Dr Acerbi concluded: "Today we have tools that are revolutionising our understanding of human culture and of how it changes through time. Interdisciplinary studies such as this can detect clear patterns by looking at an unprecedented amount of data, such as tweets, Google trends, blogs, or, in our case, digitised books, that are freely available to everyone interested in them."


Story Source:

The above story is based on materials provided by University of Bristol. Note: Materials may be edited for content and length.


Journal Reference:

  1. Alberto Acerbi, Vasileios Lampos, Philip Garnett, R. Alexander Bentley. The Expression of Emotions in 20th Century Books. PLoS ONE, 2013; 8 (3): e59030 DOI: 10.1371/journal.pone.0059030

Cite This Page:

University of Bristol. "Fear factor increases, emotions decrease in books written in last 50 years." ScienceDaily. ScienceDaily, 20 March 2013. <www.sciencedaily.com/releases/2013/03/130320212822.htm>.
University of Bristol. (2013, March 20). Fear factor increases, emotions decrease in books written in last 50 years. ScienceDaily. Retrieved September 17, 2014 from www.sciencedaily.com/releases/2013/03/130320212822.htm
University of Bristol. "Fear factor increases, emotions decrease in books written in last 50 years." ScienceDaily. www.sciencedaily.com/releases/2013/03/130320212822.htm (accessed September 17, 2014).

Share This



More Mind & Brain News

Wednesday, September 17, 2014

Featured Research

from universities, journals, and other organizations


Featured Videos

from AP, Reuters, AFP, and other news services

FDA Eyes Skin Shocks Used at Mass. School

FDA Eyes Skin Shocks Used at Mass. School

AP (Sep. 15, 2014) The FDA is considering whether to ban devices used by the Judge Rotenberg Educational Center in Canton, Massachusetts, the only place in the country known to use electrical skin shocks as aversive conditioning for aggressive patients. (Sept. 15) Video provided by AP
Powered by NewsLook.com
Shocker: Journalists Are Utterly Addicted To Coffee

Shocker: Journalists Are Utterly Addicted To Coffee

Newsy (Sep. 13, 2014) A U.K. survey found that journalists consumed the most amount of coffee, but that's only the tip of the coffee-related statistics iceberg. Video provided by Newsy
Powered by NewsLook.com
'Magic Mushrooms' Could Help Smokers Quit

'Magic Mushrooms' Could Help Smokers Quit

Newsy (Sep. 11, 2014) In a small study, researchers found that the majority of long-time smokers quit after taking psilocybin pills and undergoing therapy sessions. Video provided by Newsy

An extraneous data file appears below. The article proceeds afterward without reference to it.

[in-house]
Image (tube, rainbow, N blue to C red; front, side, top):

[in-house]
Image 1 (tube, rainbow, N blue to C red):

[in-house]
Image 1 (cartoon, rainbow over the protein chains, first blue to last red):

Powered by NewsLook.com
'Fat Shaming' Might Actually Cause Weight Gain

'Fat Shaming' Might Actually Cause Weight Gain

Newsy (Sep. 11, 2014) A study for University College London suggests obese people who are discriminated against gain more weight than those who are not. Video provided by Newsy
Powered by NewsLook.com

Search ScienceDaily

Number of stories in archives: 140,361

Find with keyword(s):
Enter a keyword or phrase to search ScienceDaily for related topics and research stories.

Save/Print:
Share:

Breaking News:
from the past week

In Other News

... from NewsDaily.com

Science News

Health News

    Environment News

      Technology News



      Save/Print:
      Share:

      Free Subscriptions


      Get the latest science news with ScienceDaily's free email newsletters, updated daily and weekly. Or view hourly updated newsfeeds in your RSS reader:

      Get Social & Mobile


      Keep up to date with the latest news from ScienceDaily via social networks and mobile apps:

      Have Feedback?


      Tell us what you think of ScienceDaily -- we welcome both positive and negative comments. Have any problems using the site? Questions?
      Mobile: iPhone Android Web
      Follow: Facebook Twitter Google+
      Subscribe: RSS Feeds Email Newsletters
      Latest Headlines Health & Medicine Mind & Brain Space & Time Matter & Energy Computers & Math Plants & Animals Earth & Climate Fossils & Ruins